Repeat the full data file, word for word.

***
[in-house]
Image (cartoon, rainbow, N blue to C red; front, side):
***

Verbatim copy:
[in-house]
Image (cartoon, rainbow, N blue to C red; front, side):